1) Marx and the domains of ignorance
2) Unpacking the value suitcase
3) The commodity perspective on value
4) The labour process and different categories of labour
5) The social form perspective of value
6) The equivalent form and the evolution of value into money
7) A misplaced concrete perspective of value
8) Fetishism and alienation
9) Metamorphosis of Value
In a previous section, the commodity perspective on value, I said:
Value is measured by the quantity of human labour added to the commodity. If productivity increases due to improved technology then the value or cost of the product should decline proportionately. eg. Power looms in England in Marx's time doubled productivity and so the cost of cloth produced by yarn should have halved.From this presentation strategy by Marx in the first part of Capital Chapter one it can too easily and incorrectly be interpreted that Value is defined as embedded abstract human labour and that the whole point of value theory is mathematical quantification.
Marx talks about materialized or crystallized or embedded or congealed or abstract human labour adding value to a commodity.
Nevertheless, there are qualifiers that ought to warn us that the above interpretation is far too tidy:
- if a thing is made with labour but useless then it has no value, the labour does not count
- a thing can be a use value without having value (eg. air, virgin soil)
- private labour creates use values but not commodities
- value is only real if the product goes to market and is sold. That is what distinguishes a commodity from a product.
Embedded or congealed labour time as value is not helpful, it makes it sound as though it is like a physical property
Elson argues that since Marx uses metaphors that are chemical and biological (crystallisation, incarnation, embodiment, metabolism, metamorphosis) and not mathematical that he is trying to convey the idea that value represents a change of form (eg. use value created by concrete labour changes form into exchange value represented by abstract, social labour) rather than something that can be calculated precisely in a logical / mathematical sense. One stream of thought since Marx has tried to pin down value as a precise magnitude or has emphasised the quantitative aspect (embedded or congealed labour) rather then the qualitative aspect, that value changes its form continually through the whole process of capitalist production and circulation.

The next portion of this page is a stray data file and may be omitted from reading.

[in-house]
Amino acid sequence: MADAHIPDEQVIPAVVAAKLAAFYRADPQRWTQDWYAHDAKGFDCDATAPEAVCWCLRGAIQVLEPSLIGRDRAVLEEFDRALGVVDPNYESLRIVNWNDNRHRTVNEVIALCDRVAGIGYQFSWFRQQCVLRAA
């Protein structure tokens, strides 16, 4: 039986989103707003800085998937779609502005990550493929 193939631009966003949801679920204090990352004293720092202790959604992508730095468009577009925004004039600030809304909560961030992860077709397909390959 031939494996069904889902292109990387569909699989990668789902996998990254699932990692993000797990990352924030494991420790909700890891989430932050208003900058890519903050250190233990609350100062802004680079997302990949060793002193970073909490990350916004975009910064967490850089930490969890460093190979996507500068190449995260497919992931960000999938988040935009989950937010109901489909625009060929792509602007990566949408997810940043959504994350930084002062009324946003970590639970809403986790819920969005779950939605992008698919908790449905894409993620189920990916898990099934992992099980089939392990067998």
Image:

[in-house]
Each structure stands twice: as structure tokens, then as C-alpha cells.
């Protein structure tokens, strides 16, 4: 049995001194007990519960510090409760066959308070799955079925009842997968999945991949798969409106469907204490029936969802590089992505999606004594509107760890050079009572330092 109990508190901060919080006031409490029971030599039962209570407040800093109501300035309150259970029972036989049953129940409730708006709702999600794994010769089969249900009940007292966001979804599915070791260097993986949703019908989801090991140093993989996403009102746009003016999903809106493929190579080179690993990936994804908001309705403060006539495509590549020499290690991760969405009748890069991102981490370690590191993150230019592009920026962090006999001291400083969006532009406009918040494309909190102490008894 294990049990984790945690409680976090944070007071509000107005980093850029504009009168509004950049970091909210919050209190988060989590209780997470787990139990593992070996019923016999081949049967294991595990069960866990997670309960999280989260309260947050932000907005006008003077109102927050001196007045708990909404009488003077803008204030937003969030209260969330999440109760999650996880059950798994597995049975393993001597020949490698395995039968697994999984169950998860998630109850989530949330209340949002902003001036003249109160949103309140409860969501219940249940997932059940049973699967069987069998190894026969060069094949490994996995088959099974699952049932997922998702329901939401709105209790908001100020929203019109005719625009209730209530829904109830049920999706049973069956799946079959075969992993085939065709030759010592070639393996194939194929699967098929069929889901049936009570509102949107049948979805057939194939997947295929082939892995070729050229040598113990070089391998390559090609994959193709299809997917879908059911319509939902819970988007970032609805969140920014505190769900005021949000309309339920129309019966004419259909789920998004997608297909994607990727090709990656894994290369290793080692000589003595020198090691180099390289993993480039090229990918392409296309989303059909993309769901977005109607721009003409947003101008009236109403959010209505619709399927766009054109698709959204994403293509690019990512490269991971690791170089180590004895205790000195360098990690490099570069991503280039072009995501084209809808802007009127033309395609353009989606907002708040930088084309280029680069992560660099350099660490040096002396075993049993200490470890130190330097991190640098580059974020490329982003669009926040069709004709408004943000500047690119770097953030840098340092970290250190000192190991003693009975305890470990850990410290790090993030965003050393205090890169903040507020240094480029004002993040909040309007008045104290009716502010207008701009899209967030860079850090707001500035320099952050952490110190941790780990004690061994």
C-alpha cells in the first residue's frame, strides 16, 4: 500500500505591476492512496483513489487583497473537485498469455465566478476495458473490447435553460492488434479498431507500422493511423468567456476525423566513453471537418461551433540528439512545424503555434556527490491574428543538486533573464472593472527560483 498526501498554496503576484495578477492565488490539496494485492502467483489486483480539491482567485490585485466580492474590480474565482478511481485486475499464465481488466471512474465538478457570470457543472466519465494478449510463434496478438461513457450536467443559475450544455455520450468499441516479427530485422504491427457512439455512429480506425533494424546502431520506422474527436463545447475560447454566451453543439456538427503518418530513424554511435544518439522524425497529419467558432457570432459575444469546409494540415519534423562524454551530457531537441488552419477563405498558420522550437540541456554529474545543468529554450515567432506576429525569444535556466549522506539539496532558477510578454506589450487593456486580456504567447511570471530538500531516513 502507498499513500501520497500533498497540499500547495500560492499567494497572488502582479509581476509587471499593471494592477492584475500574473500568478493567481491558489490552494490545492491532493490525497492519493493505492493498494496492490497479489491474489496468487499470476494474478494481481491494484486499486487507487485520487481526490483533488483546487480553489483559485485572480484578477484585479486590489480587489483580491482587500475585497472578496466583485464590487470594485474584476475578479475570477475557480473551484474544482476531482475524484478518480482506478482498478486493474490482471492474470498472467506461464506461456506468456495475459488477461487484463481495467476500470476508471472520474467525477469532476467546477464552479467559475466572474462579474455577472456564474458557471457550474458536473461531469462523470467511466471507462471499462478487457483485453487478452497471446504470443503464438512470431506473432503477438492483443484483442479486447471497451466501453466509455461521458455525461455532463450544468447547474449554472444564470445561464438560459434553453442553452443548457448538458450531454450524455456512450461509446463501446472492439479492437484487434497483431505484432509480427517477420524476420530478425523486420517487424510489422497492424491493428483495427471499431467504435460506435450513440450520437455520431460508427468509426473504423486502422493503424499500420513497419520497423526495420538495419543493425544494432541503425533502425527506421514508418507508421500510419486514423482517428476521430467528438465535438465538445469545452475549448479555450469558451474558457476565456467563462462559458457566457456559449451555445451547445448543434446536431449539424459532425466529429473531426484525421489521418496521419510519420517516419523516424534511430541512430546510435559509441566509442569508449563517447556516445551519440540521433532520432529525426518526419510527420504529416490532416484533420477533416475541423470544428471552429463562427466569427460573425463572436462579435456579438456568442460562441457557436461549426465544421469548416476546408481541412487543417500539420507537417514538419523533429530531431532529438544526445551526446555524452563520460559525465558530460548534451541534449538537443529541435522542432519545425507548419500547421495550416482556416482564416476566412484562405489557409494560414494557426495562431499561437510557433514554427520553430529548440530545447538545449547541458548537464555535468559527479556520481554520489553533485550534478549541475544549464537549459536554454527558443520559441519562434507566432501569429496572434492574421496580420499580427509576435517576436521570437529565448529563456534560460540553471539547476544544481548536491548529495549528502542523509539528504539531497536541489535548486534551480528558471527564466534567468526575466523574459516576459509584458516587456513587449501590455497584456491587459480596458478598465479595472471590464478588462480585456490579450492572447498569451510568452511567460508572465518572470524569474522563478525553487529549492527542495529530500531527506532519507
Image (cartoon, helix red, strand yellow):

There is a natural human tendency to settle on a tidy, neat, tangible definition of value. Unfortunately, this doesn't work. Value is an essential concept to understand the inner workings of capitalism but also a complex concept.
Why is value complicated? It is a deeply embedded although historically contingent, multifaceted (it has a form, a substance and a magnitude) social concept. Moreover, it takes on the much desired (lusted after) physical form of money. Hence it possesses both very real and phantom like (historically contingent) properties.
Reference and Further Reading:
Elson, Diane. The Value Theory of Labour. In: Value: The Representation of Labour in Capitalism. Verso (September 1, 2015)